eyes of Nan and Pingping?
Throughout the story, Nan holds onto the memory of Beina and wants to see
her again "in order to preserve her in his memory as a lovely woman beyond his
reach, as someone who still possessed his soul, so that the flames of
inspiration would blaze in him again" [p. 562]. How do his feelings change after
he sees Beina in Illinois [pp. 586-90]?
Nan tells Dick that "zer core of American culture" is "obsessed with two
s's ... self and sex" [p. 307]. How does Nan react in episodes related to
sex [pp. 3134, 8690, 54446, 59599]? What is the difference between Nan's
self-absorption and the self-obsession he sees in Americans?
When the Wus sell their restaurant to their friends Shubo and Niyan they
are shocked to learn that Shubo won't let Pingping work there [pp. 61315]. What
does this incident, as well as Nan's later visit to his parents in China [pp.
55760] make clear for Nan about the bonds of friendship and family? How does he
respond to the celebration of Halloween in their suburban neighborhood [pp.
27173], and why?
After paying off the mortgage on their house, Nan has a brief period of
elation which is followed by a profound sense of disappointment: "The struggle
had ended so soon that he felt as though the whole notion of the American dream
was shoddy, a hoax. . . . He should feel successful. But somehow the success
didn't mean as much to him as it should" [p. 418]. What is the cause of his
dismay? How is his distress affected by his conversation with Shubo about the
idea that immigrants must sacrifice their own dreams for their children and
grandchildren [pp. 42021]?
Observing the culture of moneymaking on his trip to China, Nan thinks, "Now he wanted all the more to live and die in America. How he missed his home
in Georgia" [p. 568]. Throughout the story, Nan has felt almost no nostalgia for
his life in China. Is this lack of emotional connection to his native culture
partly the reason that Nan is willing to risk writing in English? What had come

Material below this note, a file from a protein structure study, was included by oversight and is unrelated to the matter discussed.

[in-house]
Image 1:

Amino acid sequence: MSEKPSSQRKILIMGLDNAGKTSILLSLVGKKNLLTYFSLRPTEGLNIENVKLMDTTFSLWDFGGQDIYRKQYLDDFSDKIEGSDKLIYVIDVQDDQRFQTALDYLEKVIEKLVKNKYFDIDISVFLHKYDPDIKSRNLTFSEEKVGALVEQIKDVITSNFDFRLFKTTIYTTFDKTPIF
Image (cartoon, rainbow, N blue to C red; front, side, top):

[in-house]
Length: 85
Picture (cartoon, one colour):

to define "home" for Nan?
The story's arc brings to Nan's attention only belatedly what the reader
perhaps already feels: that Pingping has proven herself from the beginning the
stronger and steadier character. She has left her native country to be with a
husband she knows does not love her, she accepts his moods and his anger, and
she works daily with their son to make sure he succeeds at school. How do
Pingping's pregnancy and the loss of the baby girl affect their marriage [p.
469]? How does Nan come to realize Pingping's worth [p. 612]? What does his poem
"Belated Love" [pp. 61920] express about his new knowledge?
How would you describe the prose style of the novel? What are the notable
aspects of the narration and what kinds of details does it bring into focus? Do
you assume that the narration is mainly from Nan's point of view; is it a more
objective third-person narration, or does it shift between the two?
14. Regarding his poetic vocation, Nan thinks, "The truth was that he had
been frightened by the overwhelming odds against writing in English
artistically, against claiming his existence in this new land, and against
becoming a truly independent man who followed nothing but his own heart. To date
he had tried every way to wriggle out of the struggle" [p. 472]. How do the
poems at the end of the volume reflect Nan's new independence? What does the "free life" of the title mean for him?
Monica Ali, Brick Lane; Kiran Desai, The Inheritance of Loss;
Andre Dubus III, House of Sand and Fog;Ma Jian, Beijing Coma;Jhumpa Lahiri, The Namesake;Nam Le, The Boat;
Rohinton Mistry, Family Matters; Vladimir Nabokov, Pninand
Speak, Memory;V. S. Naipaul, A House for Mr. Biswas; Boris
Pasternak, Doctor Zhivago;John Steinbeck, The Grapes of Wrath;Mo Yan, Life and Death Are Wearing Me Out.
About the Author
Ha Jin left his native China in 1985 to attend Brandeis University. He is the
author of the internationally bestselling novel Waiting,which won
the PEN/Faulkner Award and the National Book Award; War Trash, which won
the PEN/Faulkner Award; The Crazed; In the Pond; the story
collections The Bridegroom, which won the Asian American Literary Award,
Under the Red Flag, which won the Flannery O'Connor Award for Short
Fiction, and Ocean of Words, which won the PEN/Hemingway Award; and three
books of poetry. He is a professor of English at Boston University and lives in
the Boston area.
Ha Jin is available for select readings and lectures. To inquire about a
possible appearance, please visit www.knopfspeakersbureau.com or call